A characteristic trait of students is that we tend to think in the short term. Our lives have natural milestones: semesters, midterms, due dates for assignments, final exams, and summer and winter breaks. These lead to students having a certain mindset with respect to time. For the most part, we think about our lives in terms of weeks and (maybe) months.
For example, I’m writing this (not at the time of publication) in a week that I have a test, assignments due next week, a presentation I have to prepare, and a grant application I need to write. These are all within the span of a few weeks, so that’s how I’m thinking of my future. I’m not completely blind to time after that, but the majority of my attention is focused on these items. The result is that I’m always thinking about the short term. I plan my time in terms of these things that are due. I think you can agree that it would be too easy to let our whole life during a semester be led by these requirements. I can envision an alternative version of myself just responding to homework assignments and tests from week to week, never thinking about the longer term.
I think this is a mistake. It might seem like the way to go in the moment, but neglecting your longer term future is a mistake. Unfortunately, it’s only one that you will notice much later, and correcting it will only manifest even further down the line.
I don’t want this to happen with me. I know that as long as I’m in school I’ll be held to these short term requirements, but I make sure that there’s more to my life than that. In particular, I try to always keep some longer term projects in mind. That way, I don’t get stuck trying to satisfy the various urgent and short term responsibilities and ignoring the long term ones.
My goal isn’t to live in just the future or just the present. It’s to keep an eye on both, and make sure they each get their appropriate amount of focus. The reality is that the short term also tends to be the source for more urgent items, which is why we forget about the long term. I’ve found that school emphasizes this short term, to the detriment of everything else. This freedom means it’s up to you to find something of value to give your future self. A gift won’t appear out of the ether. What you do now will inevitably affect your future self, which is why it’s worth thinking about the kind of steps you’re taking now.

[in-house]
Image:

In this essay, I want to explore this idea in more detail. Basically, I want to argue for cultivating this long term mindset. The more you can think of your present investment as a gift to your future self, the better.
The value of long term
First off, why is there so much value in the long term? Sure, I keep on telling you that it’s important, but there’s no reason to take my word for it. The reason I argue for the long term boils down to the amount of influence you can make. This influence occurs whether you are a student studying physics and mathematics (like myself), or a designer, marketer, businessperson, or anything else.
In the short term, you can tackle small tasks and deal with the daily trials of life. Think about work tasks, homework assignments, tests, and the like. These are all important and do affect your trajectory.
However, there are some projects which just take a lot more time. If you’re like me and want to do science and mathematics communication, this isn’t something you can just jump into. As such, these kinds of projects require perseverance over long time scales. This means you need to plan ahead, and do more than react to incoming requirements of your time. A long term project takes a lot of effort, but it can exert a lot more influence than a shorter term project.
For myself, I have two long term projects that are separate from my education. I have my blog and my webcomic, which I work on every day. I make sure to carve out time to work on them because I know that the net affect of consistently showing up over years and years will be greater than the investment I make every day to do a bit more work on them. This is my gift to my future self. I’m keeping the blog and webcomic going in a consistent manner, and these become assets that gains momentum. If I didn’t work on them each day, this momentum would take a lot longer to grow.
One implication of thinking in the long term is that you need to be already comfortable with your short term requirements. When I work on my blog and webcomic each day, this takes time. I would estimate I spend roughly an hour to ninety minutes each day working on them. This is time I can’t use for other things, such as homework or studying. As I write these words, I have a test tomorrow that I need to prepare for. And yet, I’m still here, writing and drawing for my future self.